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h3now
Posts:
1
Registered:
6/25/11


A new poinofview in learning math!
Posted:
Jun 25, 2011 12:03 PM


I'm looking for a math book that REALLY explains the math that I'm having at my engineering classes. I always opted for the historybased or logicdriven explanations that start from some already known rules and facts, and logically builds up the theory you're learning (when I say logically, I mean the type of reasoning a normal person would have. As in contrast with things like... "now to solve this differential equation assume that k.e^(wtf) is an answer...").
Almost all the math books I've encountered through my student life just throw the formulas at you. They normally start by stating the definition of the topic (normally in a rabbitoutofthehat fashion) and then show you how to use it, in sort of a "algorithmized" way. What about those big questions that come to the nonzombie students? (those that are interested in getting some insight on how the world really works, and know that all those godlike formulas came from HUMANS. Very bright humans, but humans nevertheless). Questions like: how in the world did anyone thought of a thing like the laplace transform, or the fourier series, or the gamma function! (the list goes on...)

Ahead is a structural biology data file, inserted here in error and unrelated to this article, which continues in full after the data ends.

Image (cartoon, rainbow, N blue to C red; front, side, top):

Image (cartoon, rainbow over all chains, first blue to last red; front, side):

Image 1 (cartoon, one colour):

I was always fascinated by this kind of learning, and in some topics I did found such a point of view in some books. But now I'm seeing some new things and I just can't find any book that cover them this way.
If anyone understands what I'm looking for and knows any books related please let me know. I'm on a hunt for those...
Some topics are: Laplace transform Fourier Series Fourier Transform Gamma Function Calculus of variations ...
Thank's in advance guys!